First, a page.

Reinventing your life after divorce may be the most difficult aspect of the entire process. Particularly if you and your ex-spouse will raise children together after the divorce, managing the logistics might seem insurmountable. If you and your ex went through a very contentious divorce or if your ex suffers from personality disorders, the idea of trying to parent with him or her is likely not pleasant.
This is where parallel parenting comes in. According to Healthline, parallel parenting allows parents to share custody but keeps the parents from being in the same place at the same time.
What does it look like?
Parallel parenting is different from traditional co-parenting. With traditional co-parenting, it is likely that the family will gather to celebrate holidays, birthdays or even attend dance recitals or sporting events together.
With parallel parenting, this does not happen. For instance, there may be multiple birthday events for a child. One parent may attend the dance recital and the other parent may take the child to the post-recital ice cream social.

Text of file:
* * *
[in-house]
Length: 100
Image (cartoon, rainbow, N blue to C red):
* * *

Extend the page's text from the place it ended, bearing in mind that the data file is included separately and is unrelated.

How does this benefit us?
Joint custody is generally in the best interest of a child, so long as abuse or substance addiction was not present in the family home. Even if the parents cannot stand each other, the children do best with both parents in their lives. Parallel parenting allows the child to benefit from joint custody while also shielding him or her from the conflict between the parents.
The structure of parallel parenting is also helpful for managing your new relationship with your ex-spouse. Parallel parenting allows parents to focus on the “business” of parenting while not getting wrapped up in personal dynamics.